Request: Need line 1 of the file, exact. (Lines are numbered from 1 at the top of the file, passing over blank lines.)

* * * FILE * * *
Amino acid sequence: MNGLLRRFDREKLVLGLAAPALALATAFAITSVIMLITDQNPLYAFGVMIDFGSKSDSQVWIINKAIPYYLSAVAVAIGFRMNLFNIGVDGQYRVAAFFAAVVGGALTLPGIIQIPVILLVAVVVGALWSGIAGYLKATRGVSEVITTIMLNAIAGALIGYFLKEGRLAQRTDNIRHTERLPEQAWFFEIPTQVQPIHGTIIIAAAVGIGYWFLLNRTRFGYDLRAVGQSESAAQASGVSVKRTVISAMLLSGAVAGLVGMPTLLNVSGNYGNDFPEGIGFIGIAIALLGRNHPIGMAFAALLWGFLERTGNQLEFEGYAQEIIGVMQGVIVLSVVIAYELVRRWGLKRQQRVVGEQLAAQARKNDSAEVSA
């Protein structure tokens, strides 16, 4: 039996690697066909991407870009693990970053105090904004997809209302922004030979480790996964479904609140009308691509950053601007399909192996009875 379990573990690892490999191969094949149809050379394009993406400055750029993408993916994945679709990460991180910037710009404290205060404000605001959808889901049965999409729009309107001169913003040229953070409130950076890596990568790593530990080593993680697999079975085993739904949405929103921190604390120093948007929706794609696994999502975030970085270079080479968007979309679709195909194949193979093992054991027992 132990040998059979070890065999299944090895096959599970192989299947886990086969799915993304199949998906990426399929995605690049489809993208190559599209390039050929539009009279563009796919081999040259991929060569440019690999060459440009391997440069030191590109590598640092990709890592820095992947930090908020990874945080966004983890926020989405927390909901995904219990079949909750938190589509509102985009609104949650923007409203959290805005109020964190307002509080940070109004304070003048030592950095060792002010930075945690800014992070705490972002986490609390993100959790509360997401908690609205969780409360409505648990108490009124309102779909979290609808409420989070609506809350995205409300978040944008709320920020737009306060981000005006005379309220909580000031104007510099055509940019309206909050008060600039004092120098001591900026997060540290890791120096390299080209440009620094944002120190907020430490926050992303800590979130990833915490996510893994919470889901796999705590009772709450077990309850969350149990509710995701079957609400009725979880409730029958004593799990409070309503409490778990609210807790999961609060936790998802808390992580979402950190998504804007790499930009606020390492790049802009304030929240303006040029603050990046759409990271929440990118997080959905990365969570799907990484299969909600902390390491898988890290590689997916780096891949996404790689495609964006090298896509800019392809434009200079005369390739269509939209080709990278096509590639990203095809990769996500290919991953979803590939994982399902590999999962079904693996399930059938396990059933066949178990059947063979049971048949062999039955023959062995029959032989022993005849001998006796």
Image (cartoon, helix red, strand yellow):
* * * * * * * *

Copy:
Amino acid sequence: MNGLLRRFDREKLVLGLAAPALALATAFAITSVIMLITDQNPLYAFGVMIDFGSKSDSQVWIINKAIPYYLSAVAVAIGFRMNLFNIGVDGQYRVAAFFAAVVGGALTLPGIIQIPVILLVAVVVGALWSGIAGYLKATRGVSEVITTIMLNAIAGALIGYFLKEGRLAQRTDNIRHTERLPEQAWFFEIPTQVQPIHGTIIIAAAVGIGYWFLLNRTRFGYDLRAVGQSESAAQASGVSVKRTVISAMLLSGAVAGLVGMPTLLNVSGNYGNDFPEGIGFIGIAIALLGRNHPIGMAFAALLWGFLERTGNQLEFEGYAQEIIGVMQGVIVLSVVIAYELVRRWGLKRQQRVVGEQLAAQARKNDSAEVSA